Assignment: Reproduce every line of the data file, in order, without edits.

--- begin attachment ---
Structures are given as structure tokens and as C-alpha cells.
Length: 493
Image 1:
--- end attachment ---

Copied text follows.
Structures are given as structure tokens and as C-alpha cells.
Length: 493
Image 1: